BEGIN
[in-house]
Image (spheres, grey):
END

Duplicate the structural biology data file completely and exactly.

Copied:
[in-house]
Image (spheres, grey):